Grooty’s Race & Resto-built BMW M20B25 six combo

Danno ‘Grooty’ Groot built this BMW hot six combo for his partner's '85 E30 race car

Photographers: Danno Groot

A screaming straight-six with triple carbs isn’t an uncommon sight in Street Machine, but you probably haven’t seen one quite like this before. Despite the angled block, this isn’t a Chrysler slant, and nor is it from Ford or GM. Nope, this is as European as they come.

First published in the February 2024 issue of Street Machine

“The engine is a BMW M20B25, which is a small six”, says Danno ‘Grooty’ Groot, the South Australian responsible for this raging beast. “It’s a street/circuit build for my partner Jo’s 1985 BMW E30 323i race car. We’ve chased everything in the engine for every last horsepower, aiming for two horsepower per cubic inch.”

Starting with a mint 1988 325i iron block, it features a factory forged crank from an M52B28 2.8-litre that copped some isotropic polishing courtesy of Bullet Race Engineering. “That’s for improved oil control, and we wanted to gain between 5hp and 7hp just from doing that,” explains Danno. “It’s now 2.9 litres [175ci] with a perfect 84mm stroke and 85mm bore, which means there are no harmonic issues, so we’ll spin it to 8200rpm. With the clutch and flywheel weighing 5.5kg as a set, it’ll rev like a motorbike.”

Danno decked out the little six with 138mm H-beam rods and custom-forged Ross pistons for a spicy 12.2:1 comp. And since stock E30s sumps aren’t the greatest, Danno and Jo made a custom high-volume unit with baffles and a crank scraper.

Up top, the single-cam, 12-valve head has been gone through by Tony Knight. The alloy 883 casting has been kitted out with Supertech valves, titanium retainers, and a solid-roller cam conversion.

“It’s got a huge cam,” Danno laughs. “It’s 309-degree with a 106-degree lobe separation, so I can’t wait to hear this thing when it’s in the car!”

The most eye-catching feature is undoubtedly the triple 48mm Weber carburettors, which replace the stock long-runner intake manifold and ancient Bosch Motronic 1.3 EFI system.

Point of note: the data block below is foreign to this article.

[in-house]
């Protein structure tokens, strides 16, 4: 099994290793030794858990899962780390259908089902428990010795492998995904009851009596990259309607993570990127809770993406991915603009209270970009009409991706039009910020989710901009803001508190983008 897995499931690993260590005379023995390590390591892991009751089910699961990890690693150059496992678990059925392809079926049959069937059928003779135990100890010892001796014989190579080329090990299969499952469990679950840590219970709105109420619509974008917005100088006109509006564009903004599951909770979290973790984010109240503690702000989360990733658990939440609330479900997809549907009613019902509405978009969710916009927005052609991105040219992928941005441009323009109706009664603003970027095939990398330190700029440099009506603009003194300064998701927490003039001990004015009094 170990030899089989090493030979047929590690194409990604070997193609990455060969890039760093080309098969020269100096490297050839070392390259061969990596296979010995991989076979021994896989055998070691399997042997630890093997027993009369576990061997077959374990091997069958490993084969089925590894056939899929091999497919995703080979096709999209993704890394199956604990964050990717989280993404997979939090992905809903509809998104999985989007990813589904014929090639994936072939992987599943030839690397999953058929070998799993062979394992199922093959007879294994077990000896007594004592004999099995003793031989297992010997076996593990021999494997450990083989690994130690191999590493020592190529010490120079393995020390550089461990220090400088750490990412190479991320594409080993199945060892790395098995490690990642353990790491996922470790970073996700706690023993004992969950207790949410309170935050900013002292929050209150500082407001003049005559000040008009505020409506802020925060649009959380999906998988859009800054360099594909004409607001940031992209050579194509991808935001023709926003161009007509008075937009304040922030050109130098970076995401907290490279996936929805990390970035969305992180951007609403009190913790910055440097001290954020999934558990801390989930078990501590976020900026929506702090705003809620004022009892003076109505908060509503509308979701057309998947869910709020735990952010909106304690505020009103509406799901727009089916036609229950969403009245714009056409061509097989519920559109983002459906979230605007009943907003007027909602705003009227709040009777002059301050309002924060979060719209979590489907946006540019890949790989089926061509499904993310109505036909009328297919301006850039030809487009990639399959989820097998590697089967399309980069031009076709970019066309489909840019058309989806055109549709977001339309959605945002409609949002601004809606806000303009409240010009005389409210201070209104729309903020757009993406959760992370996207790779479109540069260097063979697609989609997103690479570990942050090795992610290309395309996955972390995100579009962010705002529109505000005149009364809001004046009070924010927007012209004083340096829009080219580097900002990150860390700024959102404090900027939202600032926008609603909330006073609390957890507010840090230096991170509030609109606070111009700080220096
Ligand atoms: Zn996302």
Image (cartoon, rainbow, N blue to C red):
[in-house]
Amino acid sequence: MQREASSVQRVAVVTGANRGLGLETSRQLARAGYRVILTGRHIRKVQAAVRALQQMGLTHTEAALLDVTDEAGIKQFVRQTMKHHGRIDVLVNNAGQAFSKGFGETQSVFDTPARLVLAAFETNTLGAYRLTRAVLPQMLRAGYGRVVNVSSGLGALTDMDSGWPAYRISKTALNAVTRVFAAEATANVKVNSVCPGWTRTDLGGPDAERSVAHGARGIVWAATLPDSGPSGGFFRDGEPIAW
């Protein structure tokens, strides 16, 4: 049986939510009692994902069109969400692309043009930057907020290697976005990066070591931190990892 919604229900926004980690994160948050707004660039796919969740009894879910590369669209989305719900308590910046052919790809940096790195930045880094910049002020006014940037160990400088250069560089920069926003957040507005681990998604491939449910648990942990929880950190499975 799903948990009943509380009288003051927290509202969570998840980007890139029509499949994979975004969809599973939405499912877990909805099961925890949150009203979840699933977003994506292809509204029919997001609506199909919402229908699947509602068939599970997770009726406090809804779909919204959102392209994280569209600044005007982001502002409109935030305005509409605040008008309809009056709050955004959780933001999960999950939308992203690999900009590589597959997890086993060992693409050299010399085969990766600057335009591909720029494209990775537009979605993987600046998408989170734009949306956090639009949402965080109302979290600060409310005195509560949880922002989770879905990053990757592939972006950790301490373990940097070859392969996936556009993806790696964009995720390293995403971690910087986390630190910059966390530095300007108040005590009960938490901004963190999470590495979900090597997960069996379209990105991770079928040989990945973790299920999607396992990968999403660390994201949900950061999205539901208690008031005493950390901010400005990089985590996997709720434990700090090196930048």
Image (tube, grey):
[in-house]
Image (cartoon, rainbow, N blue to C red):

“Webers make more power than EFI,” says Danno. “I would love individual throttlebodies and coil packs, but this isn’t a no-budget build, as we have other cars to do.”

Danno custom-made the headers as six-into-one 1¾-inch primaries, because even though the stock BMW exhaust manifold flows just fine, this engine is pushing way past what the German engineers ever considered possible for their workhorse six-pot.

The stock timing cover went in the bin for a trimmed-down Nuke Performance adjustable cam pulley, and the stock electronic ignition plug lead cap was replaced with a recurved distributor from an earlier E21 3-Series BMW set-up.

“We’ve squeezed every little bit out of this engine that we can, like the 50mm velocity stacks, and the intake has had 12 hours of port work,” Danno explains. “We’ve done a bunch of oil gallery mods and polished inside the block to improve oil shedding inside the motor for improved power. The expected output is around 340 to 350hp.”

“It has been built in-house at Grooty’s Race & Resto,” he adds. “I didn’t do it all myself; I had some excellent help along the way, and there were some big setbacks.”

To follow the installation and start-up, check out Grooty’s Race & Resto on YouTube.


Introduced by BMW in 1977 to sit under its M30 ‘Big Six’, the M20 inline-six was produced in 2.0L, 2.3L, 2.5L and 2.7L capacities but retained the basic iron block and alloy single-cam head architecture. They made between 88kW and 125kW and could be ordered with either a carburettor or Bosch K-Jetronic, L-Jetronic or Motronic injection. The M20 finished production in 1993.

Grooty’s Race & Resto